b. Identify the independent variable(s).
c. Identify any intervening variables.
2. Drawing on academic literature, develop precise conceptual definitions of the key variables.
a. Conceptual definitions must clearly indicate what a variable means, what it represents, and how it is being used in the current study.
b. Conceptual definitions are nominal definitions. They are not the only, or even the best definitions. They are definitions developed by the researcher that best describe the variables as he or she conceives them in the current study. However, researchers should attempt to define concepts in ways that are reasonably consistent with definitions used by other scholars.
c. In defining variables, researchers often delineate their relevant dimensions. Sometimes this is simple. At other times you have think carefully before recognizing the important dimensions of a variable.
d. Make sure you clearly indicate what variables mean in your study and what dimensions you think are relevant.
3. Consult the academic literature to determine what indicators other researchers have used to measure your variables and if adequate measurement instruments have already been developed.
a. Many sociologically relevant variables have been measured by other researchers.
b. If other researchers have identified good indicators and/or developed adequate measurement instruments there is no reason they cannot be used in your study.
i. Using existing measurements as they are.
ii. Adapting existing measurement instruments.
c. Advantages of using existing indicators or measurement instruments.
i. Saves time and effort.
ii. Validity and reliability may have already been demonstrated.
d. Disadvantages of using existing indicators or instruments.
i. Existing indicators or instruments may not measure your variables adequately or may not measure exactly what you are interested in.
ii. Using existing indicators and instruments limits you to seeing variables in terms of others definitions.
iii. Using existing indicators and instruments can reduce serendipity.
e. Finding existing indicators or measurement instruments.
i. Previously published research.
ii. Edited collections of existing measurements instruments.
iii. Contacting authors.
f. Evaluating existing indicators and instruments.
i. How have the indicators and instruments been used and is this consistent with your intended use?
· To what populations and/or samples have the indicators or instruments been applied?
· What methods of data collection have been used to measure the indicators or employ the measurement instruments?
· How will the indicators or instruments have to be changed or adapted for your study?
ii. Has the instrument been shown to be valid?
· Criteria related validity--Does the measure "concur" or agree with other known measures of the variable? Does it "work" or predict known differences as it should?
· Construct validity--Do the different indicators vary together as they should? Do they discriminate between the concepts different dimensions. Has a factor analysis been performed?
iii. Has the instrument been shown to be reliable.
· Stability reliability--Does the measure perform the same at different periods of time? Does it perform the same when repeated (test-retest reliability).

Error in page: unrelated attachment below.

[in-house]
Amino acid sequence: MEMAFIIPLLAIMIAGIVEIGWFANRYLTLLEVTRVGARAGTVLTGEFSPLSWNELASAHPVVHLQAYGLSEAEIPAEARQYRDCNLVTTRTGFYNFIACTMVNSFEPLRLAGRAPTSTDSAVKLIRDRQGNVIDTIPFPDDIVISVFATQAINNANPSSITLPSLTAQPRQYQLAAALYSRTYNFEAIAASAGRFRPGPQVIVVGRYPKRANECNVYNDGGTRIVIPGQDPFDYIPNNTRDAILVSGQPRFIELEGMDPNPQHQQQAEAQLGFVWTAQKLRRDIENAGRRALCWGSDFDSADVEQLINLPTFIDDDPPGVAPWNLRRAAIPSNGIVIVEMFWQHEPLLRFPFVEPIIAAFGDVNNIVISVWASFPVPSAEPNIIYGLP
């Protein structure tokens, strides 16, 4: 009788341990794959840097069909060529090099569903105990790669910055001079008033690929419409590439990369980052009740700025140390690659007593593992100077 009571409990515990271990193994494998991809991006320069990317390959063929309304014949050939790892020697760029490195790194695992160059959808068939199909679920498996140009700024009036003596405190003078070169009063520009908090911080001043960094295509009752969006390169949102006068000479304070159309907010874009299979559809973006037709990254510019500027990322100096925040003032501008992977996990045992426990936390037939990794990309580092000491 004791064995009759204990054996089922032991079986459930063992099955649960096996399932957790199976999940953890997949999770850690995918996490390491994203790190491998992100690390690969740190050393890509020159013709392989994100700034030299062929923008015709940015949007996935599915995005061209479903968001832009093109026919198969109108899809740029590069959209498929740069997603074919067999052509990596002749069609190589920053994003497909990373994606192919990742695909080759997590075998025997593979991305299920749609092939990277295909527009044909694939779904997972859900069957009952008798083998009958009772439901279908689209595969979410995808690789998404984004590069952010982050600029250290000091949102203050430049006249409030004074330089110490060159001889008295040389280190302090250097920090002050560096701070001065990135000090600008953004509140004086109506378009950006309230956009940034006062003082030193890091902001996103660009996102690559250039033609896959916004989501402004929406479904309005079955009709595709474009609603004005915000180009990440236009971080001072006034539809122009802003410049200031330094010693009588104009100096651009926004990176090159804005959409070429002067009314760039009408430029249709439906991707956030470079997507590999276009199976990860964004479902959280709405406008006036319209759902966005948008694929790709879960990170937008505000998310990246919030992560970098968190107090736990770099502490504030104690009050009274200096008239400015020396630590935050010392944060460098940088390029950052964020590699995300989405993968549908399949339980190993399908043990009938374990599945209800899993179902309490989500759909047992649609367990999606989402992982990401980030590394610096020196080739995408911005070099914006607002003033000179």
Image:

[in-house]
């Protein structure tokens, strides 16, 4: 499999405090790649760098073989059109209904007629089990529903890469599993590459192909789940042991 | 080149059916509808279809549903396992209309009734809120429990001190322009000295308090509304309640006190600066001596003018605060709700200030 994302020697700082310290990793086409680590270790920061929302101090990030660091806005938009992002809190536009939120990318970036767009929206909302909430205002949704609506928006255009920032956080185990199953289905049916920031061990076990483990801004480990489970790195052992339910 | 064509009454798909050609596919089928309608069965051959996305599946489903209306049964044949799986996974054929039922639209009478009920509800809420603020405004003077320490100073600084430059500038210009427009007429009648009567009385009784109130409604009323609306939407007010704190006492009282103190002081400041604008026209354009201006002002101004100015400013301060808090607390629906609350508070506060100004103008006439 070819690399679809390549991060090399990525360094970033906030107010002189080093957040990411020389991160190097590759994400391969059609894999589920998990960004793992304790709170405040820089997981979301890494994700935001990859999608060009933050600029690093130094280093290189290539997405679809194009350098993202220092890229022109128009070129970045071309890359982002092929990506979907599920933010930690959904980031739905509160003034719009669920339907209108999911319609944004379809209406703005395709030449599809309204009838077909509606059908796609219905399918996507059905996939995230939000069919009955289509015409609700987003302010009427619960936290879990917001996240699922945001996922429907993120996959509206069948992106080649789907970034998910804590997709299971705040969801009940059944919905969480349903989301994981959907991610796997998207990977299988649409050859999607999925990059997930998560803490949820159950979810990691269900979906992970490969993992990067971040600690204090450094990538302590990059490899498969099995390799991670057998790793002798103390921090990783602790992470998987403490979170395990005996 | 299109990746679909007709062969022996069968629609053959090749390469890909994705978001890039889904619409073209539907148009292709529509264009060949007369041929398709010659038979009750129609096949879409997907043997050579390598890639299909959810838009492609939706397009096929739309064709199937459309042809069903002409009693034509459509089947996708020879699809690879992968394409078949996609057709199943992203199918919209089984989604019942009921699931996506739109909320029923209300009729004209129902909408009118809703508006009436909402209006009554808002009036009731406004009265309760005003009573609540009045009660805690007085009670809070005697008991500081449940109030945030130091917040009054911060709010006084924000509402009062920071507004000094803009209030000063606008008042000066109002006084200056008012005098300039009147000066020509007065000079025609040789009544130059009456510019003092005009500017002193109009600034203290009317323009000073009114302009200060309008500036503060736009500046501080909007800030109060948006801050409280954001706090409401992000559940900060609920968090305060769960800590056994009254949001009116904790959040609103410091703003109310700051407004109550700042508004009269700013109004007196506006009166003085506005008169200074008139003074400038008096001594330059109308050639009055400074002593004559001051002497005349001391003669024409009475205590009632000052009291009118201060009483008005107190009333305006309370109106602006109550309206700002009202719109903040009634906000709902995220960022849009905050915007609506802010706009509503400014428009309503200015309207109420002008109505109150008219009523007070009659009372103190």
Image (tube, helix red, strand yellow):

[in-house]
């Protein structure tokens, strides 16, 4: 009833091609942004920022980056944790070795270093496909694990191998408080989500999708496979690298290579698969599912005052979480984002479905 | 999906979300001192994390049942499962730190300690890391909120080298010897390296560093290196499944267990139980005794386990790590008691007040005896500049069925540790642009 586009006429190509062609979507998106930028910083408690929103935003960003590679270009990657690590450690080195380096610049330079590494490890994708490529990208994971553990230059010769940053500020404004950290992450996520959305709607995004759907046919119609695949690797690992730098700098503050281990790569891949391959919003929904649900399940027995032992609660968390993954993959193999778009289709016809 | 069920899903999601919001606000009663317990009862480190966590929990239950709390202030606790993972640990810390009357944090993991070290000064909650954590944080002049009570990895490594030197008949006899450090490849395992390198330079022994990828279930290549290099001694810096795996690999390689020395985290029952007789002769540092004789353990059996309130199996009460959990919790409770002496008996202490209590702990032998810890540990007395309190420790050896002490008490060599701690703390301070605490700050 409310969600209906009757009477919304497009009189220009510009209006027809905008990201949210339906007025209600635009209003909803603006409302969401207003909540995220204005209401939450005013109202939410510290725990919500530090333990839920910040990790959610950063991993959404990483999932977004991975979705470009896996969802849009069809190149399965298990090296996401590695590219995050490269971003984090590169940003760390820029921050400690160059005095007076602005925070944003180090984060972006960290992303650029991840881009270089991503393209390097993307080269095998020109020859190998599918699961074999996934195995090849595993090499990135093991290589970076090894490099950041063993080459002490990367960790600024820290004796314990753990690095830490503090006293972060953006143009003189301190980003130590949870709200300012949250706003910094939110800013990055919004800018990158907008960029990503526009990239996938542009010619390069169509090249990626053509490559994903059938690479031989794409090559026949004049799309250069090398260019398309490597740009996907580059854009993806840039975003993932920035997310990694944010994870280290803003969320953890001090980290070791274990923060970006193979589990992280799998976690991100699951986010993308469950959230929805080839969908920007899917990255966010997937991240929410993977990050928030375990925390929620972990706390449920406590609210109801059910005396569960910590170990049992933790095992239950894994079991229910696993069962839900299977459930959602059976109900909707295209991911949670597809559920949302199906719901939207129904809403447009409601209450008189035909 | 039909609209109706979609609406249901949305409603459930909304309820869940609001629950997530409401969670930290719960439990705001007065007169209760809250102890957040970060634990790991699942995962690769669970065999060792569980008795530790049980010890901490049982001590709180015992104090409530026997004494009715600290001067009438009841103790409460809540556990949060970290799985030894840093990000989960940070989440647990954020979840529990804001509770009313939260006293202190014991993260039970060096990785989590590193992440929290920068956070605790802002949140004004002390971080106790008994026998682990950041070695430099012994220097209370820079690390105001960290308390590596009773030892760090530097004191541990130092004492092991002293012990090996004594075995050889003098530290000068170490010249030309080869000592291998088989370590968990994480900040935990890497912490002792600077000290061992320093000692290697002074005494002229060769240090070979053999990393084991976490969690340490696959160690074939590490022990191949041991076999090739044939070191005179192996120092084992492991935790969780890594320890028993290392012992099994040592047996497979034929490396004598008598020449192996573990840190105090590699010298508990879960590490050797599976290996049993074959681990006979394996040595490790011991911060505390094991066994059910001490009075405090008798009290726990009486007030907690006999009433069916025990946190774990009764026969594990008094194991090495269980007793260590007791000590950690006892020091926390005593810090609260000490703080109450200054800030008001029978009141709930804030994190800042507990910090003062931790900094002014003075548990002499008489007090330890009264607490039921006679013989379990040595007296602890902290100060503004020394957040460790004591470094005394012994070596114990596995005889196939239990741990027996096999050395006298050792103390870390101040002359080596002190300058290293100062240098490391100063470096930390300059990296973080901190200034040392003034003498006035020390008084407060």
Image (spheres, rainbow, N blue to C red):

· Representativeness reliability--Does the measure yield similar results for different groups. Does it perform the same for sub-groups in a larger population (sub-group comparisons).
· Internal measures of equivalence--Do the indicators vary consistently and reliably? Can the instruments indicators be divided in half and each half vary consistently with the other (split-half comparisons). Has Cronbach’s alpha or other measures of internal reliability been calculated?
· External measures of equivalence--Does the measure vary consistently with other measures of the concept that are known to be reliable? Has inter-coder reliability been demonstrated, if it is relevant?
g. Citing and crediting sources.
4. If existing measurement instruments are unavailable or inadequate you will have to develop your own measurement instruments.
a. Identify and list relevant indicators.
i. Determine what would indicate the presence or absence of a concept.
ii. Determine what would indicate how much of concept is present.
iii. What could people say or do that would indicate the presence of the concept.
iv. Avoid using causes or consequences as indicators.
v. Some concepts are simple and may have a one or two indicators, but others will be complex and multidimensional and may have numerous indicators.
vi. Consider different types of indicators.
· Direct observations--things the researcher could observe directly about the subjects' characteristics or behaviors.
· Self-reports--things the research subjects could report about their own
· characteristics, attitudes, or behavior.
· Secondary reports--things others could report about the subjects' characteristics, attitudes, and behaviors.
· Communication media--things that can be observed in communication media such as newspapers, radio broadcasts, and movies that would indicate something about the subjects' characteristics, attitudes, or behaviors.
· Physical traces--things that can be observed in physical objects and artifacts such as their placement and arrangement or wear and damage that would indicate something about the subjects' characteristics, attitudes, and behaviors.
b. Evaluate your list of indicators.
i. Check the face validity of each indicator by asking questions such as: Will the indicator measure what it is supposed to measure? Could something else affect or be responsible for this indicator's variation besides the variable I am trying to measure? Am I sure that variation in this indicator is the due to the variable I am trying to measure? Is this indicator a true indicator of the variable I am measuring or is it a cause or consequence of that variable.
ii. Check the content validity of your indicators by asking questions such as: Do the indicators as a group measure the variable fully and completely? Have all the relevant dimensions or aspects of the variable been measured adequately? Is there something missing, something more I should include?
iii. Consider any obvious threats to reliability by asking questions such as: Will this indicator consistently indicate the variable at all times in all places for all people in all settings and circumstances? Could the indicator change over time or differ from group to group or place to place, even though the underlying variable stays the same? Is the indicator easy to observe and document? Is there any possibility that it could be misread or misinterpreted? Is the source of the indicator reliable? Is there any reason to believe the source would want to lie, deceive, or withhold information?
c. Select indicators and/or create measurement instruments.
i. Select the best indicator or indicators.
ii. Creating composite measures if necessary.
1. Tests, indices, and scales.
2. Tally sheets and other data recording devices.
iii. Testing your measurement instruments and devices.
5. Use your measurement instrument to collect data.